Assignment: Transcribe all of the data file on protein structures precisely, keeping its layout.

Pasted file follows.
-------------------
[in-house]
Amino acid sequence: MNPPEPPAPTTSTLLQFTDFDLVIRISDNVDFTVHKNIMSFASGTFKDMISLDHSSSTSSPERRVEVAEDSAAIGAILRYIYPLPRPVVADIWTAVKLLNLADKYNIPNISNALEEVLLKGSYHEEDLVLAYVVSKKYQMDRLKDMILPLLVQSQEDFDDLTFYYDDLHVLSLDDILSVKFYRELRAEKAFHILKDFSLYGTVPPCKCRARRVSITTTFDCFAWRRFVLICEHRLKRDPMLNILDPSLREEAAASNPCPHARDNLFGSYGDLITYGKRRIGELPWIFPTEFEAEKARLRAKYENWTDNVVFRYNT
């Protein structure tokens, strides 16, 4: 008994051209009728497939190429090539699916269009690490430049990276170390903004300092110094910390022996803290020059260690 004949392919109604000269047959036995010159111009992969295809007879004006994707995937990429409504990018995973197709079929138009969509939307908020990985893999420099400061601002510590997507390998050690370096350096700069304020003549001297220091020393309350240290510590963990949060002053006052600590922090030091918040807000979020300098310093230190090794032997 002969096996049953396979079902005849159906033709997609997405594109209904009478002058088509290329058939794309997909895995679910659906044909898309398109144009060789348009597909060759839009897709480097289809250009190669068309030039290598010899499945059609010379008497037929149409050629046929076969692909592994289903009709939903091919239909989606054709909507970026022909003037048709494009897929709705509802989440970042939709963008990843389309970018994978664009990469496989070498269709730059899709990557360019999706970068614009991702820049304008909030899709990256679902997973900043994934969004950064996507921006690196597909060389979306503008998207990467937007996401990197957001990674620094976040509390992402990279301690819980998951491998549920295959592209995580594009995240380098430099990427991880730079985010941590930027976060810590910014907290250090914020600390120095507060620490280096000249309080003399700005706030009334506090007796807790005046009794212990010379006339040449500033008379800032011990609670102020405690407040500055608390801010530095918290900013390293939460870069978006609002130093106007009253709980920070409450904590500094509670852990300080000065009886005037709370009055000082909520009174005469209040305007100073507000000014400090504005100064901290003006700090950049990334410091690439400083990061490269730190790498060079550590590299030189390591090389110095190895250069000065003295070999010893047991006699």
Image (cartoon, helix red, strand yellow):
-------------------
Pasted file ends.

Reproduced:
[in-house]
Amino acid sequence: MNPPEPPAPTTSTLLQFTDFDLVIRISDNVDFTVHKNIMSFASGTFKDMISLDHSSSTSSPERRVEVAEDSAAIGAILRYIYPLPRPVVADIWTAVKLLNLADKYNIPNISNALEEVLLKGSYHEEDLVLAYVVSKKYQMDRLKDMILPLLVQSQEDFDDLTFYYDDLHVLSLDDILSVKFYRELRAEKAFHILKDFSLYGTVPPCKCRARRVSITTTFDCFAWRRFVLICEHRLKRDPMLNILDPSLREEAAASNPCPHARDNLFGSYGDLITYGKRRIGELPWIFPTEFEAEKARLRAKYENWTDNVVFRYNT
């Protein structure tokens, strides 16, 4: 008994051209009728497939190429090539699916269009690490430049990276170390903004300092110094910390022996803290020059260690 004949392919109604000269047959036995010159111009992969295809007879004006994707995937990429409504990018995973197709079929138009969509939307908020990985893999420099400061601002510590997507390998050690370096350096700069304020003549001297220091020393309350240290510590963990949060002053006052600590922090030091918040807000979020300098310093230190090794032997 002969096996049953396979079902005849159906033709997609997405594109209904009478002058088509290329058939794309997909895995679910659906044909898309398109144009060789348009597909060759839009897709480097289809250009190669068309030039290598010899499945059609010379008497037929149409050629046929076969692909592994289903009709939903091919239909989606054709909507970026022909003037048709494009897929709705509802989440970042939709963008990843389309970018994978664009990469496989070498269709730059899709990557360019999706970068614009991702820049304008909030899709990256679902997973900043994934969004950064996507921006690196597909060389979306503008998207990467937007996401990197957001990674620094976040509390992402990279301690819980998951491998549920295959592209995580594009995240380098430099990427991880730079985010941590930027976060810590910014907290250090914020600390120095507060620490280096000249309080003399700005706030009334506090007796807790005046009794212990010379006339040449500033008379800032011990609670102020405690407040500055608390801010530095918290900013390293939460870069978006609002130093106007009253709980920070409450904590500094509670852990300080000065009886005037709370009055000082909520009174005469209040305007100073507000000014400090504005100064901290003006700090950049990334410091690439400083990061490269730190790498060079550590590299030189390591090389110095190895250069000065003295070999010893047991006699």
Image (cartoon, helix red, strand yellow):